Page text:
For many, the future of revenue cycle management (RCM) in the age of artificial intelligence (AI) is difficult to imagine. How can this technology improve the revenue cycle and impact the day-to-day working of the back-office in healthcare? Of course, at this point, nobody knows precisely when AI will be the industry standard, but there is some buzz around possible benefits AI may soon offer.
The most significant impact on a medical biller’s day-to-day may result from ‘deep learning’ of users’ interaction with EHR and billing software. “Using artificial intelligence to learn a user’s habits, anticipate their needs and display the right data at the right time is a top priority for nearly all of the major health IT vendors.”1 Automatically retrieving and manipulating information has the potential to drastically reduce labor spent on manual billing tasks and allow staff to make better decisions about the next steps for denial resolution.
A key feature of AI will be its ability to analyze text and the spoken word. Systems will be able to learn the language for procedures and diagnosis and assign accurate codes. This capability could have a profound impact after code set updates to ensure correct codes are used and documentation is compliant, reducing the transition that happens with coding updates. Imagine how much easier the transition from ICD-9 to ICD-10 could have been if AI had been used!
One of the most valuable aspects of AI will be its ability to make conclusions and predictions. Today, it can take hours, sometimes even days, to get a pre-authorization from a payer. Future systems could be able to analyze a patient’s health data and determine the medical necessity of a procedure within a few seconds. The good news for medical billers is that an automated process will ensure authorization has been obtained and its corresponding data captured, greatly reducing (or eliminating) pre-authorization denials due to lack of an authorization number.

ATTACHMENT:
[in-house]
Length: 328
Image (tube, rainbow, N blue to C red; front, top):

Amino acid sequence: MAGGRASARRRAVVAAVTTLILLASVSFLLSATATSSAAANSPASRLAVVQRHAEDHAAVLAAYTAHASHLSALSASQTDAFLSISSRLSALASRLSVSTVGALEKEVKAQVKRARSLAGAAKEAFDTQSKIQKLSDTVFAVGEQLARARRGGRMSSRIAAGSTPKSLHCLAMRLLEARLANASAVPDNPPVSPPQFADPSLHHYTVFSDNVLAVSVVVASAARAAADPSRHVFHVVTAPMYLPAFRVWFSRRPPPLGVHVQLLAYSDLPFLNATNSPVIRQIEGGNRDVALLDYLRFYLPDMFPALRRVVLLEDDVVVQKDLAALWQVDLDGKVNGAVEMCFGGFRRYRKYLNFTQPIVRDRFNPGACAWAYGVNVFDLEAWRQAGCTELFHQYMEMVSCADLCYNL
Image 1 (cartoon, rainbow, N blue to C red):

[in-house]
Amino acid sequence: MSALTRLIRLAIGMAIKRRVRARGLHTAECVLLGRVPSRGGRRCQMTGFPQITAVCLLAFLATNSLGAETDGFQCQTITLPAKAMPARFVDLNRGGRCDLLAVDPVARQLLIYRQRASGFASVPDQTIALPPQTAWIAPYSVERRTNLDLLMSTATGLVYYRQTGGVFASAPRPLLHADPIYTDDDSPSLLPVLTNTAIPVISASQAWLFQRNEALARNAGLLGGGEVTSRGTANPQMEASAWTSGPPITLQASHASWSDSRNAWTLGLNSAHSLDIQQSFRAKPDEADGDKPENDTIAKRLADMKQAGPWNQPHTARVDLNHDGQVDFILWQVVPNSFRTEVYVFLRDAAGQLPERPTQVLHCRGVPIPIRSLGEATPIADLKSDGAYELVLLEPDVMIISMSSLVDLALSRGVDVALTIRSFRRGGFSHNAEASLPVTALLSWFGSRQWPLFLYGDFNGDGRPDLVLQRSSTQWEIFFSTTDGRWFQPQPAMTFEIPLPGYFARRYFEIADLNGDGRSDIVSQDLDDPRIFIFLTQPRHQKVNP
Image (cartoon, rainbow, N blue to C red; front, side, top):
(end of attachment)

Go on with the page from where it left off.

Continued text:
AI technology will be used across all industries, not just healthcare. Customer service advances could considerably influence the way patient communications are handled; for example, bots which are utilized for patient interactions such as appointment scheduling and collecting payment. A major benefit for providers and billers is that the process can be standardized, significantly reducing the incidence of difficult patient interactions about billing and potentially improving the relationship patients have with billing staff.
Artificial intelligence will undoubtedly increase efficiency and thus profitability in the future. However, an even larger opportunity to increase revenue may lie in AI’s ability to analyze information and make learned decisions. An example of this would be a situation where denials are rising due to lack of medical necessity, lacking documentation or coding mistakes. AI would analyze the denials to find the cause and then create prompts within the HER/PM to rectify the issues, capture all information for correct coding and ensure the provider’s notes are complete.
It is not only healthcare providers and medical billing staff that stand to benefit from AI advances, but payers as well. According to CMS, the fiscal year 2018 experienced an overall improper payment rate of 8.12% or $31.62B.2 Substantial savings from ‘smart’ AI systems have the potential to save payers money, which will (hopefully) drive down the overall cost of healthcare for patients.2
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